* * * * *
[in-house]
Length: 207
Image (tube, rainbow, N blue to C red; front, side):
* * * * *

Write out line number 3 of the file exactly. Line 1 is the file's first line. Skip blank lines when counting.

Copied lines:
Image (tube, rainbow, N blue to C red; front, side):